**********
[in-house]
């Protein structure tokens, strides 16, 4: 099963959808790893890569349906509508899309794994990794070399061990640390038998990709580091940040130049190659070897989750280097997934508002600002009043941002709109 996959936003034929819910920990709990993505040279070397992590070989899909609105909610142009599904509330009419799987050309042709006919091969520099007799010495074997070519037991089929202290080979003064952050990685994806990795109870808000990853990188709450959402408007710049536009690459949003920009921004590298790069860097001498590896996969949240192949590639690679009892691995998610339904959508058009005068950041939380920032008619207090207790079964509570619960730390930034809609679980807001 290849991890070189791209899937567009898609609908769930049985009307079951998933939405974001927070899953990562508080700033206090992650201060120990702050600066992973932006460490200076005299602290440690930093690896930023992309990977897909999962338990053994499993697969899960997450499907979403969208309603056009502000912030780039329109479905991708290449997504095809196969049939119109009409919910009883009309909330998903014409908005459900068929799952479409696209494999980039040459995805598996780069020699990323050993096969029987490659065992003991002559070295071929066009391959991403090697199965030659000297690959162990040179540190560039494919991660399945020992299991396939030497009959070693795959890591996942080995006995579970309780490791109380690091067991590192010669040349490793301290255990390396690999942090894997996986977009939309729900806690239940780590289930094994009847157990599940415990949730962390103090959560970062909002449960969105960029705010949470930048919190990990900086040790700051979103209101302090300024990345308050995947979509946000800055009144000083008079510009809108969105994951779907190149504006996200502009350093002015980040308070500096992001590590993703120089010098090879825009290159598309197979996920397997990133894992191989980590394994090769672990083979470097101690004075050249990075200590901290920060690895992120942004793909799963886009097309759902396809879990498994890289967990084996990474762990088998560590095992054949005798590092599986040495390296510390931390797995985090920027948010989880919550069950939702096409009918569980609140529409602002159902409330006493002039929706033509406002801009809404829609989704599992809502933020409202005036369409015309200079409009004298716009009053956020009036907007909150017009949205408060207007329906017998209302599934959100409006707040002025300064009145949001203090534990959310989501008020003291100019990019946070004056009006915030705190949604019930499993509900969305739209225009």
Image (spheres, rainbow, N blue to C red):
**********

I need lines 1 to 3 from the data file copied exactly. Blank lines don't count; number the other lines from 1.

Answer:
[in-house]
């Protein structure tokens, strides 16, 4: 099963959808790893890569349906509508899309794994990794070399061990640390038998990709580091940040130049190659070897989750280097997934508002600002009043941002709109 996959936003034929819910920990709990993505040279070397992590070989899909609105909610142009599904509330009419799987050309042709006919091969520099007799010495074997070519037991089929202290080979003064952050990685994806990795109870808000990853990188709450959402408007710049536009690459949003920009921004590298790069860097001498590896996969949240192949590639690679009892691995998610339904959508058009005068950041939380920032008619207090207790079964509570619960730390930034809609679980807001 290849991890070189791209899937567009898609609908769930049985009307079951998933939405974001927070899953990562508080700033206090992650201060120990702050600066992973932006460490200076005299602290440690930093690896930023992309990977897909999962338990053994499993697969899960997450499907979403969208309603056009502000912030780039329109479905991708290449997504095809196969049939119109009409919910009883009309909330998903014409908005459900068929799952479409696209494999980039040459995805598996780069020699990323050993096969029987490659065992003991002559070295071929066009391959991403090697199965030659000297690959162990040179540190560039494919991660399945020992299991396939030497009959070693795959890591996942080995006995579970309780490791109380690091067991590192010669040349490793301290255990390396690999942090894997996986977009939309729900806690239940780590289930094994009847157990599940415990949730962390103090959560970062909002449960969105960029705010949470930048919190990990900086040790700051979103209101302090300024990345308050995947979509946000800055009144000083008079510009809108969105994951779907190149504006996200502009350093002015980040308070500096992001590590993703120089010098090879825009290159598309197979996920397997990133894992191989980590394994090769672990083979470097101690004075050249990075200590901290920060690895992120942004793909799963886009097309759902396809879990498994890289967990084996990474762990088998560590095992054949005798590092599986040495390296510390931390797995985090920027948010989880919550069950939702096409009918569980609140529409602002159902409330006493002039929706033509406002801009809404829609989704599992809502933020409202005036369409015309200079409009004298716009009053956020009036907007909150017009949205408060207007329906017998209302599934959100409006707040002025300064009145949001203090534990959310989501008020003291100019990019946070004056009006915030705190949604019930499993509900969305739209225009």
Image (spheres, rainbow, N blue to C red):